Coming to the role of Chinese state and WHO criticism, it is not the first time that these deadly viruses originate from China, the SARS virus originated in 2002-03, but was brought under control. Still China wants to brush all this under the carpet, even blaming US soldiers for bringing the virus with them to Wuhan. However, it is important to see how WHO conducted themselves during the SARS outbreak, they commissioned an investigation, led from the front, cautioned the world about the challenge and issued advisories for nations. But this time, WHO has failed the world.
Although supposedly all countries are equal, unfortunately some countries are more equal than the others. The case in point could be how China dismissed the verdict of the International Court of Arbitration in the case of dispute with the Philippines about South China sea. That is how big powers act and China is acting. As far as the fear of chinese goods is concerned, that is for real. Gradually, at least for strategic, sensitive and critical goods in healthcare, IT, Telecom, defence, edible food etc. there will be a decoupling, in fact international companies may shift their units out of China and there will be a fall in demand for chinese goods, especially in these sectors.
Mr Devender asked the Ambassador that how he looks at India’s response, especially with regards to International relations and the supply of medicines or the HCQ diplomacy, to which he drew our attention to a survey which was drawn recently, in the last week of April, according to which 93 percent of the countrymen support the actions of the government in handling the coronavirus. With that kind of support it is obvious that the government is doing something right, and that our government has been ahead of the curve. India is one of the countries to cancel visas issued to the Chinese, to impose restrictions on travel to China, banned flights coming from China, extended it to other countries, introduced quarantine, closed our air space and from 25th of March the biggest ever lockdown known to humankind was introduced. Today, we are manufacturing our own PPEs, rapid test kits and so on. So, that has been the performance of India internally. For HCQ, India is the Pharmacy of the world, supplying medication to any and every country of the world. But that does not mean we have deprived our own citizens. Even though we have been a very responsible member in this committee of nations and would like to recall that our Prime Minister initiated the first ever virtual SAARC conference, he was the person to be called for the first G20 summit, which shows where India is.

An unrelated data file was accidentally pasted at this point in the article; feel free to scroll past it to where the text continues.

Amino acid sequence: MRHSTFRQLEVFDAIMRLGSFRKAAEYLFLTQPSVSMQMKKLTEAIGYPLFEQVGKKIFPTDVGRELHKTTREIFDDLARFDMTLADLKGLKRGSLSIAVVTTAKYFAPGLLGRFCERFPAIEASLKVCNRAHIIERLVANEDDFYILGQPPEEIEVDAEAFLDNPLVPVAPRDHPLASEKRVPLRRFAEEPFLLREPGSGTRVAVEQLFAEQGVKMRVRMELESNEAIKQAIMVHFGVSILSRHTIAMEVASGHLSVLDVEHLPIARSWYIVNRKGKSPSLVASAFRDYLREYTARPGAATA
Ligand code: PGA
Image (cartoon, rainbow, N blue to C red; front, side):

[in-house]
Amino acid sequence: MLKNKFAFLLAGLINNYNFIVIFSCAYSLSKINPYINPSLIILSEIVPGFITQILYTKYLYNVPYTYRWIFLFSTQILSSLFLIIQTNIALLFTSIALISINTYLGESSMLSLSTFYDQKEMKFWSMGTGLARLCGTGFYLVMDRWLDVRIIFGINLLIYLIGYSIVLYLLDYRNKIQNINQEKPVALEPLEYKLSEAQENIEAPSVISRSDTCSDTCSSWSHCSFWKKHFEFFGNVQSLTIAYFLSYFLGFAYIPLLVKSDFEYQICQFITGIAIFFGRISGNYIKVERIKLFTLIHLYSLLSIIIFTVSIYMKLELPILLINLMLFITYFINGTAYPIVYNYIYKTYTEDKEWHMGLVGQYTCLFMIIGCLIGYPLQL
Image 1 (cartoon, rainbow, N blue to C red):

In terms of our dependence on China, eventually there will be companies leaving China. But after the COVID crisis is over, the biggest issue the Govt. of India would look at is our own dependence on China, as we have 100 billion dollars of trade and roughly 60 billion dollars of trade deficit. So, this is politically untenable and we need to correct it. Unfortunately, barring a few manufactured items, like auto components, pharmaceuticals, gems and jewellery and give or take to a few other sectors, we are a major exporter of primary goods. It is because we did not industrialise enough, our industrial base is narrow contributing about 16 percent of our GDP whereas it should at least be 26 to 27 percent, so that is a challenge. In a large, young and aspirational country like India, people who are educated, who travel, need quality goods and services. and without them, one has just two options, either manufacture or import. We have reached a stage where we have no choice but to expand our manufacturing base. Hence, the Prime Minister had come up with the ‘Make in India’ initiative and it has created a buzz about the need to manufacture locally, although it has not attracted the kind of industry we were wanting because of certain challenges. This is perhaps the best opportunity and such which may never come in our life span, of introducing Make in India 2.0 and bringing in the necessary reforms, so that India becomes a more attractive place for investments. We need taxation reforms, labour reforms, land reforms, to get beauracrates out of the way and to improve ease of doing business. By this government, in 5 years we rose from 142 to 63 in the ease of doing business index, but it also means that 62 are still ahead of us. The world today is looking at India and wants its rise, this is an opportune time and indications are that the government is looking at a package for the businesses. First we need to take care of our own requirements, to cut down on imports, improve our trade balance sheets and also become an important link in the regional supply chains, because the supply chains would shrink, from global to regional and sub-regional and that is where India can play an important role.